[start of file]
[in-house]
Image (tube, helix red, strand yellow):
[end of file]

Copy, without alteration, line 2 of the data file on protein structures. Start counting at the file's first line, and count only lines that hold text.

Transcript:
Image (tube, helix red, strand yellow):